“O son of Kunti [Arjuna], I am the taste of water, the light of the sun and the moon, the syllable om in the Vedic mantras; I am the sound in ether and ability in man.” (Lord Krishna, Bhagavad-gita, 7.8)Download this episode (right click and save)
raso 'ham apsu kaunteya
śabdaḥ khe pauruṣaṁ nṛṣu
In the Bhagavad-gita Shri Krishna says that, among other things, He is the light of the sun. The statement is found within a series of verses in which Krishna compares Himself to the essence of something. The light of the sun is what makes the sun. Therefore the essence is the light, and by extension Krishna is that essence. For ascetics, penance is what gives meaning to their occupation. With water there is the taste. Krishna, or God Himself, is the essence of all of these things.
The comparison to the sun is important because the living entities are born into the darkness of ignorance. This is the default condition. There are plenty of efforts made to dissipate this darkness, but a bird from ancient times reveals the true way out. Named Kakabhushundi, he says that even if you were to set the entire world on fire, the light produced would not be able to take away the darkness of night. Only the sun can do that. The Supreme Lord is compared to that sun. The darkness is maya, or illusion, and it cannot be completely removed by any other means.
Have you lied recently? Did you take something that didn’t belong to you? Did you lust after something? There is the process of atonement to remove the impending negative reaction. It is something like taking a bath after getting dirty. Yet penance alone won’t do the trick, since there is an underlying desire to enjoy separately from the Supreme Lord. That is the real definition to sin, and so even if a person can remove some negative effects temporarily, if the desire to sin is still there the darkness of maya will remain.
Do you crave pizza and ice cream too much? Do you want to give up smoking cigarettes? Try quitting cold turkey. To take away the negative influence of the sense objects, remove those objects. Take them away as possible avenues of indulgence. This process is known as austerity. In Sanskrit the word is tapasya. Indeed, there is the recommendation that the human life is meant for tapasya. In no other species can the living being voluntarily give up something for the purpose of receiving a higher benefit.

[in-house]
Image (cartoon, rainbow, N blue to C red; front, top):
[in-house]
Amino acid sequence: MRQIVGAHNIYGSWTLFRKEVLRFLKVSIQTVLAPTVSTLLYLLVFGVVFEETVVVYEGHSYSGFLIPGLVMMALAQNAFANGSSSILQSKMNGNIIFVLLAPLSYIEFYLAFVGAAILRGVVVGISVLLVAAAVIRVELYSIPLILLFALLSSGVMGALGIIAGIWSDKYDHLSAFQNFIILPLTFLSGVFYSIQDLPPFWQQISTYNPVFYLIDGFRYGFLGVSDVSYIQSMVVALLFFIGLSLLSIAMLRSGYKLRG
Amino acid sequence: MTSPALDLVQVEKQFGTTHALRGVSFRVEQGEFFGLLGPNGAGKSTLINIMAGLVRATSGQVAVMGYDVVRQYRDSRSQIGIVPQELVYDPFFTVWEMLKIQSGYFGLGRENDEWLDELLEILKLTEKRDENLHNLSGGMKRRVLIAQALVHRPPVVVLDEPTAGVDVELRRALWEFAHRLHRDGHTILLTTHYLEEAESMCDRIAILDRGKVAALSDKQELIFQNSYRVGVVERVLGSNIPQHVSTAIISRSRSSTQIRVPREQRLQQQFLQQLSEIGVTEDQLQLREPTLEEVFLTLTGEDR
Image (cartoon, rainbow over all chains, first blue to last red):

ya āste manasā smaran
mithyācāraḥ sa ucyate
“One who restrains the senses and organs of action, but whose mind dwells on sense objects, certainly deludes himself and is called a pretender.” (Lord Krishna, Bhagavad-gita, 3.6)
Shri Krishna addresses this kind of renunciation in the Bhagavad-gita. He says that if a person gives up these objects but still harbors some attachment on the inside, they are a pretender. They haven’t really renounced anything. They have tortured themselves to avoid indulging in harmful behavior. They have made a step forward, but the darkness of maya is still there.
If you want to know why it’s important to stay detached, then study scripture. This process of gathering knowledge is known as jnana. Vairagya, detachment, and jnana, knowledge, are two integral aspects to spiritual life. They go hand in hand. You gather knowledge so that you can stay detached from objects in illusion. You follow detachment so that you’ll be better equipped to assimilate higher truths.
Nevertheless, study is only theoretical. You can give all the right answers to questions on a test, but do you follow the principles in real life? Are you above the darkness of ignorance or do you just know that ignorance is bad?
A good way to break free from distractions is to concentrate. In Sanskrit the word is dhyana. Concentrate so that your mind won’t wander here and there. Indeed, in the Bhagavad-gita Arjuna says that to control the mind is akin to trying to control the wind. That is how restless the mind is.
cañcalaṁ hi manaḥ kṛṣṇa
pramāthi balavad dṛḍham
tasyāhaṁ nigrahaṁ manye
vāyor iva su-duṣkaram
“For the mind is restless, turbulent, obstinate and very strong, O Krishna, and to subdue it is, it seems to me, more difficult than controlling the wind.” (Arjuna, Bhagavad-gita, 6.34)
Dhyana is wonderful, but on what should you concentrate? If you don’t know, then there will be little pleasure derived from the process. The spirit soul is ananda, or blissful. It needs to feel pleasure from activity. If pleasure is missing from dhyana, the mind will go elsewhere to find it.
The real meaning of yoga is to link the individual soul with the Supreme Soul. When discoursing within the realm of spirituality, yoga refers to the ancient practice of mysticism, wherein a person can acquire different siddhis, or perfections, as a result of dedicated practice.
Yoga by itself won’t remove the darkness of maya. The reason is that the siddhis must be used for a tangible purpose. It’s pretty neat to be able to become lighter than air or travel from place to place without bringing the body along with you. If the mind is still focused on exploiting the material nature, then these abilities really bring no advancement.
The only way to dispel the dark night of maya is to have the association of the spiritual sun that is the Supreme Lord. His full association comes only through bhakti, or devotion. That devotion can flow through any activity. As a way of life, bhakti-yoga can include meditation, renunciation, knowledge, or mysticism. Yet devotion to God is never dependent on any single factor. Even a child can find the shelter of the Supreme Lord. A person does not have to be knowledgeable; they simply have to be surrendered.
For light of spiritual sun to see,
Person only surrendered need be.
Not having knowledge the highest,
Or resolve in austerity the strongest.
Knowledge may not even be there,
Of higher matters not aware.
Only when coming the light of the sun,
There to be darkness of ignorance none.